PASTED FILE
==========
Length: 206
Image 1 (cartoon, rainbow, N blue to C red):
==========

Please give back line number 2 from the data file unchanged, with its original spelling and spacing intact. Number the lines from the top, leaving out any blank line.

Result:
Image 1 (cartoon, rainbow, N blue to C red):